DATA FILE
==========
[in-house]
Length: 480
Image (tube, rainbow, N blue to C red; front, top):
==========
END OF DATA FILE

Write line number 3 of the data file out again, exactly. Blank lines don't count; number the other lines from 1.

Image (tube, rainbow, N blue to C red; front, top):